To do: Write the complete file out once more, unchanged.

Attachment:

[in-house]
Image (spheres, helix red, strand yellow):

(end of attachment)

[in-house]
Image (spheres, helix red, strand yellow):